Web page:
Other Notable Changes in PCI DSS v3.2  - most of which do not go into effect until February 1, 2018:

PCI Section or Requirement

Section or Requirement Description

PCI Scope

Updated to clarify that backup/recovery sites need to be considered when confirming PCI DSS assessment scope


Updated to clarify that legitimate business needs must be defined for any display of primary account number (PAN) which exceeds the first six / last four digits


New requirement for service providers to maintain a documented description of cryptographic architecture


New requirement for change control processes to include verification of PCI DSS requirements impacted by a change


Updated to clarify that training for developers must be up to date and occur at least annually


Updated to clarify ‘two-factor authentication’ ought to be ‘multi-factor authentication’

  • New requirement 8.3.1 speaks to multi-factor authentication for all personnel with non-console administrative CDE access
  • New requirement 8.3.2 speaks to multi-factor authentication for all personnel with remote CDE access


New requirement(s) for service providers to detect and report on critical security control system failures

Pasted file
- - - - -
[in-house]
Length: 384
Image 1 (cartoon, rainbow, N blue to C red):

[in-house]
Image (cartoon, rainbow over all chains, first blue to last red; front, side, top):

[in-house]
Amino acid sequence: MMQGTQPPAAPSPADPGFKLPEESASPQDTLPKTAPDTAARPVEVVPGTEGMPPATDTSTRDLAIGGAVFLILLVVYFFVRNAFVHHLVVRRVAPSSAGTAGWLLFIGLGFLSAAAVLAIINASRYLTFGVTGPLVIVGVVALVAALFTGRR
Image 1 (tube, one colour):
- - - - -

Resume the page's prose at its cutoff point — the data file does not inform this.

Updated to clarify that all ‘high risk’ vulnerabilities must be addressed in accordance with the entity’s vulnerability ranking (as defined in Requirement 6.1), and verified by rescans


Updated to require confirmation that penetration tests are performed by qualified internal resources or qualified external third party

New requirement for service providers to perform penetration testing on segmentation controls at least once every six months


New requirement for service providers whereby executive management must establish responsibility for:

  • protection of cardholder data
  • a PCI DSS compliance program to include accountability
  • a charter to ensure the program is communicated to management


New requirement(s) for service providers to confirm personnel are following security policies and operational procedures via minimum quarterly reviews and formal acknowledgement of the same

Appendix A2

New appendix with additional requirements for entities using SSL / early TLS, incorporating new migration deadlines for removal of SSL / early TLS, specifically:

  • Before June 30, 2018 - existing implementations of SSL and TLS 1.0 and 1.1 must have a formal Risk Mitigation and Migration Plan in place
  • After June 30th, 2018 - stop using SSL and early TLS as a security control


A complete summary of all changes from PCI DSS v3.1 to v3.2 can be found here: Summary of Changes from PCI DSS Version 3.1 to 3.2.

Does your security profile satisfy the updated PCI DSS requirements? Are payment gateways and processors within your security perimeter ready to support 2-series Mastercard BINs?

DataStealth already employs only the strongest, most up-to-date, most reliable encryption protocols and can easily inject multi-factor authentication mechanisms into any traffic stream. Our solution enhances user authentication security and provides an immediate, PCI DSS v3.2 compliant security uplift simply by placing it in the line of traffic.